Ghosts of the past

There seems little doubt that global navigation satellite systems can play a role in building a more effective rail network, as Andy Lee explains.

It’s good to see the rail industry looking forward and not back.

This week’s meeting of minds in London between the railways and the satellite positioning technology community made a welcome change from the activities more usually associated with the rail sector — namely shutting the stable door after the horse has bolted or desperately trying to make up lost ground.

Whatever the technical obstacles to the use of satellite positioning on the railway system — and they are significant, especially in safety-critical applications — there seems little doubt that global navigation satellite systems (GNSS) can play a role in building a more effective network.

GNSS presents opportunities for the railways at many levels, from in-train entertainment options for passengers, to ultra-precise location of track faults and automated safety systems to help remove signal or driver error.

But a question that occurred more than once during discussion of the potential of GNSS on the railways was ‘who’s going to make it happen?’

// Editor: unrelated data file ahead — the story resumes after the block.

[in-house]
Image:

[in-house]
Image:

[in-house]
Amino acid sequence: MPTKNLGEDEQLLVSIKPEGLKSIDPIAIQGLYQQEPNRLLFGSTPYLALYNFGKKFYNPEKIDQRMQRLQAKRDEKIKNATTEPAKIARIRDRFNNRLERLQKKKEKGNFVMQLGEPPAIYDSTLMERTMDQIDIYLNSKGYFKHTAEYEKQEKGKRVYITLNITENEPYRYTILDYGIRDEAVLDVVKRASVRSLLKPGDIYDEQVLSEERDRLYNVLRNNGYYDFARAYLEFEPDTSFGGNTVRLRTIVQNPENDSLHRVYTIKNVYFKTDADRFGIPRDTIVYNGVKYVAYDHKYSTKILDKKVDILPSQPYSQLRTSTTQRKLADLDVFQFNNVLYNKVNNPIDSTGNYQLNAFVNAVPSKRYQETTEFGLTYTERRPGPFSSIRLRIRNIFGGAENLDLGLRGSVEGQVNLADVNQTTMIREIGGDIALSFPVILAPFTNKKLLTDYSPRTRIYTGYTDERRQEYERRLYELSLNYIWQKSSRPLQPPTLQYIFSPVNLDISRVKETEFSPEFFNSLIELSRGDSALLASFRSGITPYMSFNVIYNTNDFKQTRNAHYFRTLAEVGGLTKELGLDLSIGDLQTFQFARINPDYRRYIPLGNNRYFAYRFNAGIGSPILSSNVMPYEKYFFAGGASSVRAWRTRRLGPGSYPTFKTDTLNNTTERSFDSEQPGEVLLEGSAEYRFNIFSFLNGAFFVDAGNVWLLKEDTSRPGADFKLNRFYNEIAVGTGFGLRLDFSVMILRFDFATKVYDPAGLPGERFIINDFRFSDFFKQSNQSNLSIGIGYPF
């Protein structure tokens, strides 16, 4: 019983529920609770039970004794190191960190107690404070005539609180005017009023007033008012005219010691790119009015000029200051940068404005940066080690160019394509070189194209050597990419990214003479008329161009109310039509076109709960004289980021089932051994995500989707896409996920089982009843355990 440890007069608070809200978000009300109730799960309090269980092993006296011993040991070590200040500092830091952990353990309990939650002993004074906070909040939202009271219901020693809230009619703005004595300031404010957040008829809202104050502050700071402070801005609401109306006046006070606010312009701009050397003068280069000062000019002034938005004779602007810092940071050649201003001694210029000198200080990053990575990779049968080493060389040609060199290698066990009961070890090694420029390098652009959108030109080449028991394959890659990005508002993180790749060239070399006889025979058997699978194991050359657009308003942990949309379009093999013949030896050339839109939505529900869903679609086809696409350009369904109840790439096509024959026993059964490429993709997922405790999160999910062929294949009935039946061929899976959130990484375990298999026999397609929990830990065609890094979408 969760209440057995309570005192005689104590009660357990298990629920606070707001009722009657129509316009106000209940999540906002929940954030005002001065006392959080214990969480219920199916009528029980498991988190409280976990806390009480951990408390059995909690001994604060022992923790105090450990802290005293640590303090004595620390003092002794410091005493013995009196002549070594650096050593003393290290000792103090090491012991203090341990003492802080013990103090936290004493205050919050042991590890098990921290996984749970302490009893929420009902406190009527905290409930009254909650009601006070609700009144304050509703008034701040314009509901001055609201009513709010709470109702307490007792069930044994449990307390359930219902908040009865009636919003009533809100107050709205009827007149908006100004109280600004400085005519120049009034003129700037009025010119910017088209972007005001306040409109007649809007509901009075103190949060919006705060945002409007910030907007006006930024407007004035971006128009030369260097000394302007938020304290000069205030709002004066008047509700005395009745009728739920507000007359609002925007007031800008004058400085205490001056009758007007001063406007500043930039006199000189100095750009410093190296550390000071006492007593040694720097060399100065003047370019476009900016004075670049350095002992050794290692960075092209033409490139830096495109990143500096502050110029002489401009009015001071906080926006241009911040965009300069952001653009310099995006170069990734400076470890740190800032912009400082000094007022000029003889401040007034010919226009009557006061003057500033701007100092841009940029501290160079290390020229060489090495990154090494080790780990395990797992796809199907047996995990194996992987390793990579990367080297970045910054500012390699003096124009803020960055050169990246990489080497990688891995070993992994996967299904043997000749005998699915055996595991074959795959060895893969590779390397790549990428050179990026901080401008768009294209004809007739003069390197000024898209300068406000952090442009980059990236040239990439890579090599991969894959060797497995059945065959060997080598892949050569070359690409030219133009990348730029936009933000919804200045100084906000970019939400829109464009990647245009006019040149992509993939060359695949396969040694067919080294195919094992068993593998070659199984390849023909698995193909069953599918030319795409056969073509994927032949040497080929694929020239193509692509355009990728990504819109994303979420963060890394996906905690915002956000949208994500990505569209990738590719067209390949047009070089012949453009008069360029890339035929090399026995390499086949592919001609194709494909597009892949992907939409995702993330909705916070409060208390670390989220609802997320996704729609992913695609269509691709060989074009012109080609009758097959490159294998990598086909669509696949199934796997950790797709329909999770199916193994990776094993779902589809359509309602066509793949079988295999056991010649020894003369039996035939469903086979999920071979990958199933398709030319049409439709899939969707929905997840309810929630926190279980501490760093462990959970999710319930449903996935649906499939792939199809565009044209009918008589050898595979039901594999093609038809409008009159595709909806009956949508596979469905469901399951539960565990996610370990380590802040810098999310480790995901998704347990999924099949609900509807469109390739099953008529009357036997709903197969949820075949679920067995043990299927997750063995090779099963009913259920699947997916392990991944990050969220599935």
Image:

Building an industry-standard GNSS system that could meet the needs of rolling stock manufacturers, train operating companies, Network Rail, safety bodies, the government and the passengers would test the mettle of industries with a far better record of moving forward together than the UK’s railways.

And even as it looks to the future, the industry is still trying to come to terms with the legacy of its past. GNSS data, from GPS for example, is all about providing positional information to within a few centimetres accuracy — or better.

In the light of this, it was interesting to hear a representative of Network Rail outline his admirable struggle to provide a framework for the future for the rail industry’s own 150-year-old system of linear referencing.

This defines a given position on the network by nothing more fancy than how far along the line it is,calculated by reference to a series of mileposts placed alongside the line.

So a maintenance gang might be told to go to a fault two miles and 107 yds along a particular stretch of track.

Beautiful in its simplicity, you may think, except get this — the mileposts are frequently not a mile apart. Over the years their accuracy has fallen victim to changes in the length of the railway as curves are straightened out.

Maintenance crews move them from time to time, and put them back in the wrong place.

The result? Two miles 107 yds may, or may not be, the distance of the fault along the track. But that is the way the industry works, so any centimetre-accurate GPS readings will have to take account of it.

There, in a nutshell, you have the story of the UK’s railways. For every step into the 21st century there’s a 19th century problem to be sorted out.

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